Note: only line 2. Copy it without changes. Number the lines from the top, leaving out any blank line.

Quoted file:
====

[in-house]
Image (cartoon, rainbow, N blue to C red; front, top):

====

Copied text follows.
Image (cartoon, rainbow, N blue to C red; front, top):